The De-Queering of Historic Figures


The Danish Girl is a fantastic, beautifully acted movie. Eddie Redmayne, in particular, is an exquisite actor, emoting masterfully the first time that painter Einar Wegener tries on a pair of woman’s silk stockings. There’s only one small, minor, almost inconsequential problem: this movie, which bills itself as being a “biographical romantic drama” based on the real-life story of the Danish painter, is almost completely fiction. Many biopics are fictionalized accounts of real individuals, but in this case, the fictionalization serves one major purpose: to de-queer—an ironic endeavor, given the subject—a woman and make her instead into a staunch symbol of heterosexuality. 

To begin with, the points of congruence between the movie and real life: is true that Wegner was a painter, moved to Paris, was married to artist Gerda Wegener, and was one of the first people to undergo gender reassignment surgery, eventually living as Lili.

But here is where the similarities end. Now, the glaring “artistic license”: in the movie, Gerda is portrayed as Einar/Lili’s long-suffering wife. In many ways the protagonist of the movie, she is alternatively supportive and dismayed that she’s losing her husband as Einar transitions into a woman. Even at the end of the movie, when she feels drawn to (the fictional character of) Hans Axgil, she still feels a compelling loyalty to her spouse that overrides the attraction. It is a beautiful (mostly?) heterosexual love story, with overtones about wifely duty and dedication. How lovely for straight viewers.

But to depict Einar/Lili’s story this way is approximately as accurate as telling the story of Stephen Hawking in The Theory of Everything—also a biographical romantic film in which Redmayne played the lead the year before—as though Hawking was handicapped not by motor neuron disease but instead was an American with a limp. In real life, Lili was probably intersex, since she wrote in her memoir that during gender reassignment surgery vestigial ovaries were found in her body, or had Klinefelter syndrome (which stems from XXY chromosomes), and she passed more easily as female than male. Gerda, meanwhile, was either bisexual or lesbian, and during their time in Paris, Gerda lived openly as a lesbian and painted lesbian-themed erotica. After 26 years of marriage, Gerda and Lily only separated because Lili’s gender assignment made their marriage illegal in Denmark.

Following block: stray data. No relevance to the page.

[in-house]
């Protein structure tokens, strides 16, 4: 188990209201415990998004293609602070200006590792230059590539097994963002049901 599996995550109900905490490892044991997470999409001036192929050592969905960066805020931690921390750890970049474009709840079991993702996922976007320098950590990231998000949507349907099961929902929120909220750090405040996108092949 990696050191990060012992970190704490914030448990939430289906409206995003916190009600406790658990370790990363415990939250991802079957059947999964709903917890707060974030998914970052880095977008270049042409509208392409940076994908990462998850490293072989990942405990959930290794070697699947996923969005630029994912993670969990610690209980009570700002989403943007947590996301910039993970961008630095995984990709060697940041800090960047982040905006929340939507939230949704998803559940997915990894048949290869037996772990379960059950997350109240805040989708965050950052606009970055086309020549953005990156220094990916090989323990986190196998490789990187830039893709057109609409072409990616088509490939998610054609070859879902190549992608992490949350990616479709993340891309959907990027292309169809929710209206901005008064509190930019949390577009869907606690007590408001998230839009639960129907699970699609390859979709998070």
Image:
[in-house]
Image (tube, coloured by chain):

With this in mind, is it so improbable to suggest that Lili and Gerda were in essence “bearding” for each other in Denmark and maintained their marriage of convenience even when seeing other people because they enjoyed each other’s companionship? Even if Gerda was not lesbian (she married Fernando Porta in 1931), the film does her and viewers wrong by completely eliminating her queerness. If there was any emotional turmoil in Gerda and Lili’s relationship, it was Einar’s, not Gerda’s. But audiences aren’t interested in the story of a libertine, pornographic lesbian artist (notice that none of the paintings shown in the movie were Gerda’s lesbian ones) and her intersex beard, however, and so the deeply moving, mostly heterosexual story of The Danish Girl emerged instead, and the rest is Oscar history. 

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